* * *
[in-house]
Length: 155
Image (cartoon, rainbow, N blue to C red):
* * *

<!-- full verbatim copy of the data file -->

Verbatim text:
[in-house]
Length: 155
Image (cartoon, rainbow, N blue to C red):